By Sarah Blakely
Imagine you have just turned 18. You’re invited by an upperclassman to your first college party. You don’t have any friends at the university yet, so you welcome the invite, hoping to make a few new connections.
You arrive at the party with your new upperclassman acquaintance, and he serves you drink after drink. Eventually, he’s tipping your cups back, forcing liquor down your throat. Throughout the night, he gets more aggressive, isolating you from conversations with other people and pulling you away from potential friendships. He says there’s another party at his friend’s house around the corner, so you leave with him, expecting to walk into another rager. You walk through the door to find two guys sitting on a couch smoking weed from a bong.
You’re very drunk and uncomfortable now, trying to make small talk with the stoners on the couch to avoid the persistent intoxicated man who led you here. One more drink, he insists, mixing it himself, much too strong.
You wake up the following morning over a toilet in a stranger’s apartment with fragmented memories of that same upperclassman straddling you on a bed and forcing you to perform oral sex while in and out of consciousness.
My story is unfortunately not unique. The period between the start of the fall term and Thanksgiving break, known as “the red zone,” sees a significant increase in campus assaults. College-aged women from 18-24 are three to four times more likely to experience sexual violence, according to RAINN (Rape, Abuse & Incest National Network).
But what happens after the assault is equally traumatic. Perpetrators of sexual violence, especially in university settings, are rarely punished for their crimes. Even if victims do report the assault, abusers are often let off with nothing more than a warning. Meanwhile, victims may suffer for years, even decades, after their assault.
In my case, my abuser finished his degree elsewhere, with a mild slap on the wrist. He went to jail for a few days before his parents bailed him out. He now has a successful career, and I can’t even find his name online related to sexual assault, despite supposedly registering as a sex offender. He even got to write an anonymous opinion piece for the campus newspaper, the Daily Emerald, as part of his “punishment” because he was a journalism major.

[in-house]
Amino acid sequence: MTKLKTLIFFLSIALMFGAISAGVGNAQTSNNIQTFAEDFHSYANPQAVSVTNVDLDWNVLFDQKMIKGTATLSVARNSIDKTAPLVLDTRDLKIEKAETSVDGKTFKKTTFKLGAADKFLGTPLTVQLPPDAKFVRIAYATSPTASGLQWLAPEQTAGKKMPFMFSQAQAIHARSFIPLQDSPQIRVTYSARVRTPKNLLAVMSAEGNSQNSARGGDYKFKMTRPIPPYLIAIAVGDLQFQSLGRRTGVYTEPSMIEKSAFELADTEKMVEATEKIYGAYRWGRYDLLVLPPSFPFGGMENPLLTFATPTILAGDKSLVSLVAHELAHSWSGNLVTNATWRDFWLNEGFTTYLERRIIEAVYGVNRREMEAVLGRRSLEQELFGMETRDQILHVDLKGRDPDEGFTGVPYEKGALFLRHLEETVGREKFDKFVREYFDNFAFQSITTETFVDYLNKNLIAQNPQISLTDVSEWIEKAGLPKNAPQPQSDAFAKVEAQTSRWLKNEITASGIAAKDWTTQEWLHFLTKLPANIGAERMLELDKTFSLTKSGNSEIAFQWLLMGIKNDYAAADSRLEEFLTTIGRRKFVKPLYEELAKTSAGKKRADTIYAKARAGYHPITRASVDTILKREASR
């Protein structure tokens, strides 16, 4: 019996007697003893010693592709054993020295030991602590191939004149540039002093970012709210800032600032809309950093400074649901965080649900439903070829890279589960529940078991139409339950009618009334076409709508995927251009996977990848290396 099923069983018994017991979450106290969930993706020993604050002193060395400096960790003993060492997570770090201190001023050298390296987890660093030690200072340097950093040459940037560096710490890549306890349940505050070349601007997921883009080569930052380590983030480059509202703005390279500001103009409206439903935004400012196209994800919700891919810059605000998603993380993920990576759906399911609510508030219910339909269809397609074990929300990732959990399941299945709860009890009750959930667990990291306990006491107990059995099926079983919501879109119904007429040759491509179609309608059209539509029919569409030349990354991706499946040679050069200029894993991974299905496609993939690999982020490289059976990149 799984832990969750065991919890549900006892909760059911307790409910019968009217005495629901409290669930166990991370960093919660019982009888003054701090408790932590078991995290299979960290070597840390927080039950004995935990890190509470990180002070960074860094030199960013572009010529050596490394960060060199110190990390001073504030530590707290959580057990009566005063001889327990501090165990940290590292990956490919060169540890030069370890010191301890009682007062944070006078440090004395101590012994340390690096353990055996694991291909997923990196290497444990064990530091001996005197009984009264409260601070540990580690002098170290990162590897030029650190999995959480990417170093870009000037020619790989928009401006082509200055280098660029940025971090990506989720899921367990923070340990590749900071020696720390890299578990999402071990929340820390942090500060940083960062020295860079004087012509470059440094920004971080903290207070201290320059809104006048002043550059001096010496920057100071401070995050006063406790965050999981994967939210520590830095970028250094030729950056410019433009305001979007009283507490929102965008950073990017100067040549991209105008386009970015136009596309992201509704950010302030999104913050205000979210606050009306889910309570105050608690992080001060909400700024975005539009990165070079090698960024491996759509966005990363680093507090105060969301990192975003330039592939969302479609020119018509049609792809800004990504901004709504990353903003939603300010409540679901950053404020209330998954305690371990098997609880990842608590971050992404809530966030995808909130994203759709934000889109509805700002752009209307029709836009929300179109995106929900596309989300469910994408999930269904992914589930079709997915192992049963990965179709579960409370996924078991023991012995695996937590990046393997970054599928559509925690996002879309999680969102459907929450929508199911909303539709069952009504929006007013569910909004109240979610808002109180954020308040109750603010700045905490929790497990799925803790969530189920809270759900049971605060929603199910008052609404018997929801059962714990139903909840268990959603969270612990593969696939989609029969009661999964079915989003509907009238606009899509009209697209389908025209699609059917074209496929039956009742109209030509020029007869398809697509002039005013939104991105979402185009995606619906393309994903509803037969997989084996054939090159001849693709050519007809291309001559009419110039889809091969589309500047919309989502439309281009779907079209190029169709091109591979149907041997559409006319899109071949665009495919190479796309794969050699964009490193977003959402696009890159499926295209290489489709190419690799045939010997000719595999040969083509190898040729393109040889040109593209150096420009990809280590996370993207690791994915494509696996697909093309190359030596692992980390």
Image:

But so was I. Why was I left with my own silence while the district attorney and the detective working my case, both male, offered my abuser an opportunity in his field of choice?
I remember the judge telling me after reading my victim impact statement that it was the most forgiving statement he had ever seen in his career. At the time, I took that as a compliment, thinking it meant I was a good person because forgiving makes you good, right?
Now, looking back, I realize I should have pushed for harsher punishment. Whatever emotional upset he had experienced in those few months when I was fighting to see justice served to a criminal couldn’t even begin to compare to the years of PTSD flashbacks, nightmares, anxiety and panic attacks that the future held for me. And the $221.95 I had won to cover my medical expenses felt more like a slap in the face than justice for the victim of a crime.
A little more than $200 for medical expenses wouldn’t even cover more than a single therapy appointment, and almost 10 years later, I still have nightmares of him on top of me, crushing my body underneath his for his own sick pleasure.
My story highlights the many problems with our justice system and how we deal with sexual violence. Until our criminal justice system actually pursues justice for the victims of sexual crimes, these men (and yes, I say men, because the vast majority of sexual predators are men) will continue to assault and molest and rape women (and other men) without fear of consequences.
Victims of sexual assault need to be heard, believed and supported. We need to educate ourselves and others on consent, healthy relationships, and bystander intervention. We need to hold perpetrators accountable for their actions and stop giving them a free pass to continue assaulting others. We also need to challenge the cultural attitudes and stereotypes that perpetuate sexual violence. Victim-blaming, slut-shaming and toxic masculinity only contribute to a society that allows sexual violence to thrive.
In sharing my story, I hope it empowers more women to come forward, speak up and fight to change a broken system.
Sarah Blakely is a writer and former student at the University of Oregon. She is also a survivor of campus sexual assault.